My old colleague Michael Dearing (who is an outstanding seed investor in SV btw) shared this tweet recently:
“mcgd: The difference between companies who practice OKRs or equiv and those that do not is stark. n = hundreds”
I’ve definitely found this to be true in my experience so far. For those of you who are unfamiliar with this, OKR stands for “Objectives and Key Results”. OKRs are used in some form by many companies to focus teams around specific goals, track progress, and instill accountability throughout an organization.
There is surprisingly not that much written about OKR’s on the web in much depth. The best collection of info is probably on Quora or this terrific article by Angus Davis at our portfolio company Swipely.
From my observation, it’s a lot easier to manage by OKRs when a company is post-launch and there is some semblance of product market fit. Or maybe, I’d put it differently. When a company is pre-launch and pre-product-market fit, it’s easy to be much looser about OKRs since there is much less continuous feedback from users or customers and goals could potentially change dramatically in a short period of time.
I think that as a founder and CEO, it’s important to set a tone and culture for measurement and accountability from day 1. That’s why I am a fan of setting up a board even as an early stage company. I’m NOT a fan of laborious board meetings and extensive prep.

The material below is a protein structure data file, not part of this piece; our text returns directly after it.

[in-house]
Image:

But it’s easy for early stage board meetings to be just an “update” meeting. “Here are the things we accomplished since last time.” That’s fine and informative, but more or less rudderless.
Instead, I’d recommend using board meetings as a cadence for setting OKRs. Early on, I’m a fan of meeting every 4-6 weeks. Your OKRs should span 1-2 periods max. But then use the time to review progress towards your objectives, and set goals for the next period. This is then an anchor for the OKRs for the rest of the team.
Of course, if things are going sideways, you should feel free to blow up the goals and priorities mid-stream. That’s the nature of companies at such an early stage. But establish this discipline early and take it seriously.
Since I wrote my draft of this post last week, it sounds like there are a few efforts in SF, NYC, and Boston to host some workshops around this, which I think is great. I’ll be working on one as well – stay tuned!